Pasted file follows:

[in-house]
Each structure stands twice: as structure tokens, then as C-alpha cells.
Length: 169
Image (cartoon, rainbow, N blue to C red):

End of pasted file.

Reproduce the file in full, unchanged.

[in-house]
Each structure stands twice: as structure tokens, then as C-alpha cells.
Length: 169
Image (cartoon, rainbow, N blue to C red):